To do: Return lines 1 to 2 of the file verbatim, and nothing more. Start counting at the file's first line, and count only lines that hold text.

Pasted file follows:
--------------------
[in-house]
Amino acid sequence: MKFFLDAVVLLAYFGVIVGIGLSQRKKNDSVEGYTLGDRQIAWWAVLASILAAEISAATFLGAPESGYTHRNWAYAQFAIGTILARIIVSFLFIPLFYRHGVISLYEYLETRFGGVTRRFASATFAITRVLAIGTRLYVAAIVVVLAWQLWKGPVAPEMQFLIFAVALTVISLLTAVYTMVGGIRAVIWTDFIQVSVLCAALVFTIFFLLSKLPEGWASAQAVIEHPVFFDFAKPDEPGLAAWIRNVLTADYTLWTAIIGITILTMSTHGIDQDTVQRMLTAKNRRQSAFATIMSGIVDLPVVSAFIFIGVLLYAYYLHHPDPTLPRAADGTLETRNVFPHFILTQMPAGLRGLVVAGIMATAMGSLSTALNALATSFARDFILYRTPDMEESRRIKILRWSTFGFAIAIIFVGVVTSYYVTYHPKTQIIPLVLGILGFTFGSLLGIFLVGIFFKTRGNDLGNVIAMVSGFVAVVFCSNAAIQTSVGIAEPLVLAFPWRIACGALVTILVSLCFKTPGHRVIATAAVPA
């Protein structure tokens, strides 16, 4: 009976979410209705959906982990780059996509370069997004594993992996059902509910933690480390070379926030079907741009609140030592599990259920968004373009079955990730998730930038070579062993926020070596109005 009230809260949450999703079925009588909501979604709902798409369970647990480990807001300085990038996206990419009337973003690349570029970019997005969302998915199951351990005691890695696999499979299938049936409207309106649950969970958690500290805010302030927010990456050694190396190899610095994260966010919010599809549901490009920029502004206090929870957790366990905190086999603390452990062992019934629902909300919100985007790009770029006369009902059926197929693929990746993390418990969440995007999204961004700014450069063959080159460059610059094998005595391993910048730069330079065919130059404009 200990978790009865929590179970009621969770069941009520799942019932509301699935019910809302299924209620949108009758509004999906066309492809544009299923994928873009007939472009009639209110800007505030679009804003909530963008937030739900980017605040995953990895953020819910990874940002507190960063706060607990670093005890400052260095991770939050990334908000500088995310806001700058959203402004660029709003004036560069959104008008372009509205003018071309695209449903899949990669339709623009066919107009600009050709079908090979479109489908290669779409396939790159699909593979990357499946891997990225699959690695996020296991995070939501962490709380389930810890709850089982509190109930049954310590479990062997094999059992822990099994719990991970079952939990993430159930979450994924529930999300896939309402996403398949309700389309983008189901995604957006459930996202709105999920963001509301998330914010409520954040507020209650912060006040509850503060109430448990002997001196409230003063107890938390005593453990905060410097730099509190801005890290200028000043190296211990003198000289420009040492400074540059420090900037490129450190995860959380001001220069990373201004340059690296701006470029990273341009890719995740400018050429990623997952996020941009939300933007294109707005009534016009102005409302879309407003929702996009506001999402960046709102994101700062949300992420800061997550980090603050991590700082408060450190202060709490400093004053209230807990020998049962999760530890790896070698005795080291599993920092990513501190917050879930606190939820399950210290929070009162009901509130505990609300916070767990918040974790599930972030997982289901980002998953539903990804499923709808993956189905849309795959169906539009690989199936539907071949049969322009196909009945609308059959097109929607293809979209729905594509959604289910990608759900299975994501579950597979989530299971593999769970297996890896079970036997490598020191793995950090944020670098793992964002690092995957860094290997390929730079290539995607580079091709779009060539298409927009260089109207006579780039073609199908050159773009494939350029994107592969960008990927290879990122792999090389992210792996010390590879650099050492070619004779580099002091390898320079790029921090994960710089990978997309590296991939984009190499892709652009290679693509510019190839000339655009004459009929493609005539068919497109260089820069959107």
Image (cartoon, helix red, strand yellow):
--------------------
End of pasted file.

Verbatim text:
[in-house]
Amino acid sequence: MKFFLDAVVLLAYFGVIVGIGLSQRKKNDSVEGYTLGDRQIAWWAVLASILAAEISAATFLGAPESGYTHRNWAYAQFAIGTILARIIVSFLFIPLFYRHGVISLYEYLETRFGGVTRRFASATFAITRVLAIGTRLYVAAIVVVLAWQLWKGPVAPEMQFLIFAVALTVISLLTAVYTMVGGIRAVIWTDFIQVSVLCAALVFTIFFLLSKLPEGWASAQAVIEHPVFFDFAKPDEPGLAAWIRNVLTADYTLWTAIIGITILTMSTHGIDQDTVQRMLTAKNRRQSAFATIMSGIVDLPVVSAFIFIGVLLYAYYLHHPDPTLPRAADGTLETRNVFPHFILTQMPAGLRGLVVAGIMATAMGSLSTALNALATSFARDFILYRTPDMEESRRIKILRWSTFGFAIAIIFVGVVTSYYVTYHPKTQIIPLVLGILGFTFGSLLGIFLVGIFFKTRGNDLGNVIAMVSGFVAVVFCSNAAIQTSVGIAEPLVLAFPWRIACGALVTILVSLCFKTPGHRVIATAAVPA